The renowned theoretical physicist Professor Stephen Hawking died on 14 March aged 76 and his ashes are to be interred next to the grave of Sir Isaac Newton at Westminster Abbey. How ironic! Sir Isaac Newton, appointed Lucasian professor of Mathematics in Cambridge University in 1669, who many think was the greatest scientist of all time, was a Christian whose belief in the Creator God was his driving force to study science. Professor Hawking who was appointed to the same chair in 1979 and became the most famous scientist of our time was a renowned atheist.
Despite this The Dean of Westminster, Dr John Hall is quoted by the BBC as saying: “It is entirely fitting that the remains of Professor Stephen Hawking are to be buried in the Abbey, near those of distinguished fellow scientists … We believe it to be vital that science and religion work together to seek to answer the great questions of the mystery of life and of the universe.”
Stephen Hawking famously said, “I believe the simplest explanation is, there is no God. No one created the universe and no one directs our fate.” Contrast Isaac Newton who said, “He who thinks half-heartedly will not believe in God; but he who really thinks has to believe in God.” Hard therefore to see why it is “entirely fitting” to place Stephen Hawking next to Isaac Newton in a Christian Church. We should reflect on what this says about the state of modern Christianity?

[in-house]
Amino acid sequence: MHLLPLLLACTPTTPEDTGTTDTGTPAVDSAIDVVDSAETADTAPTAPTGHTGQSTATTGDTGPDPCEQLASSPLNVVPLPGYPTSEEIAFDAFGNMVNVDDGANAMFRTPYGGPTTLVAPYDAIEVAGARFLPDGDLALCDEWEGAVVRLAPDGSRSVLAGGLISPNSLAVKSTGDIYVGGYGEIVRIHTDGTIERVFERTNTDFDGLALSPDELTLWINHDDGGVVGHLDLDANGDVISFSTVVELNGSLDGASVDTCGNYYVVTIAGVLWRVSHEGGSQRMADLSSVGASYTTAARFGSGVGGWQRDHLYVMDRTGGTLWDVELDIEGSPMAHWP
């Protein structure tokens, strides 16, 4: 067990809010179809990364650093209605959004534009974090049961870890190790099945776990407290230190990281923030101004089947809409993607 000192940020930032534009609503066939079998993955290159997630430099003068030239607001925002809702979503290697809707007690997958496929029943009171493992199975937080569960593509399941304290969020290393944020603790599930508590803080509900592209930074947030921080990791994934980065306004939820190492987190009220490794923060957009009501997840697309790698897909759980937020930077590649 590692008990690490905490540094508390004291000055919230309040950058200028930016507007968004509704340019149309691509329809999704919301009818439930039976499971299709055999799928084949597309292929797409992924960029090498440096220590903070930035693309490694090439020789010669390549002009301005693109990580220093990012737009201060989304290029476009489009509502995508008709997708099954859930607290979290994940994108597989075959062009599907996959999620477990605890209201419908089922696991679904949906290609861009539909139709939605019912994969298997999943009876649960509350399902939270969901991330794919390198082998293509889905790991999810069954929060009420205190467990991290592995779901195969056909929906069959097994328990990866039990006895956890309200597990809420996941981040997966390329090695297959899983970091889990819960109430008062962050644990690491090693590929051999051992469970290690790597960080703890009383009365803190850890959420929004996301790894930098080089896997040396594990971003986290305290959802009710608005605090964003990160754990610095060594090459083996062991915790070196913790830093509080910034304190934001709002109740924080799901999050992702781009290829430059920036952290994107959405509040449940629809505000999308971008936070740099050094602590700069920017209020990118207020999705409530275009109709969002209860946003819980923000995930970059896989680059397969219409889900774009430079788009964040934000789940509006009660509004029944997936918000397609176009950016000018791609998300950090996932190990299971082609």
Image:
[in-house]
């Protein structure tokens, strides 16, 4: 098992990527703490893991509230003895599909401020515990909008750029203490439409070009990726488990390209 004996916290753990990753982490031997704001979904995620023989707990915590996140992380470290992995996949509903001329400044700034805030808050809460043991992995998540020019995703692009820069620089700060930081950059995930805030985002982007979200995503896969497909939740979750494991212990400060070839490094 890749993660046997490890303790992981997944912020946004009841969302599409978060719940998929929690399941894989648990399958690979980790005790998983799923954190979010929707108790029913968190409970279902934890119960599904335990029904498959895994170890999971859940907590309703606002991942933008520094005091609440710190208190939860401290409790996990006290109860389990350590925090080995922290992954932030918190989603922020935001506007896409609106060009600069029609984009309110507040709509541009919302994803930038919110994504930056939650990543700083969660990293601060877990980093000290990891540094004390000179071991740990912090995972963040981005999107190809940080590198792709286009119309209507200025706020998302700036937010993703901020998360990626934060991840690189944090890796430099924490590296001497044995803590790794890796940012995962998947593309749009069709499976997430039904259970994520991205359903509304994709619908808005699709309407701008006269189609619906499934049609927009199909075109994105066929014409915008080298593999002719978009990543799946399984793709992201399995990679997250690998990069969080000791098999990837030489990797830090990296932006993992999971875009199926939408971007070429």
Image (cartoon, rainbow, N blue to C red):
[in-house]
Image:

Oxford Professor of Mathematics, John Lennox has pointed out that Hawking’s rejection of God is a rejection of the concept on the primitive god of the gaps, a god needed to explain what the primitive mind cannot, such as thunder and lightning, and a god to be renounced every time scientific progress is made . But the God of the Bible is not a “god of the gaps”. The God of the Bible is the Creator of Science and Mathematics, the Reason why Stephen Hawking had something to study in the first place.
Lord Martin Rees – astronomer royal, former president of the Royal Society, and master of Trinity College, Cambridge – commented on Stephen Hawking’s pronouncements about God, so beloved of the poplar media: “I know Stephen Hawking well enough to know that he has read very little philosophy and even less theology, so I don’t think his views should be taken with any special weight “. This is an important point. Just because a famous scientist makes a pronouncement about the Big Questions it does not mean what is said is either scientific or correct – even if the media take it that way.
On the other hand Sir Isaac Newton was an ardent student of the Bible and especially of Bible Prophecy. He believed in the Unitary God and not the triune God, that man was mortal, that the Jews must return to the land of Israel before Christ returns, and that there will be a resurrection and the kingdom of God on earth. Indeed Isaac Newton’s answers to the Big Questions are very similar indeed to those of Christadelphians. See https://isaac-newton.org.